### `String`

The data type that you will see on every corner. Represents a string of characters, just any text. We'll introduce the most important methods that are good to know or at least it's good to know they exist.

### `contains()`, `endsWith()` a `startsWith()`

We can ask if a `String` starts with, ends with or contains a substring. A substring is a part of a `String`. All of these methods will take a substring as a parameter and return `Boolean` (`true`/`false`). We can't react to the output yet; however, let's write the return values nonetheless:

```val s = "Rhinopotamus"
println(s.startsWith("rhin"))
println(s.endsWith("tamus"))
println(s.contains("pot"))
println(s.contains("lol"))```

The program output:

```Console application
false
true
true
false```

We can see that everything works as expected. The first phrase failed, as expected because the string actually starts with a capital letter.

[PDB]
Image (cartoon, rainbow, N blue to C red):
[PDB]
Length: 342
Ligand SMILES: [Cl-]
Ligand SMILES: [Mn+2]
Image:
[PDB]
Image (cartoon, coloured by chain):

### `ToUpperCase()` and `toLowerCase()`

Distinguishing between capital and lowercase letters is not always what we want. We'll often need to ask about the presence of a substring in a case-insensitive way. The situation can be solved using `toUpperCase()` and `toLowerCase()` methods which return the string in uppercase, resp. lowercase. Let's make a more realistic example than Rhinopotamus. The variable will contain a line from some configuration file, which was written by the user. Since we can't rely on the user's input we'll try to eliminate possible errors, here by ignoring letter cases.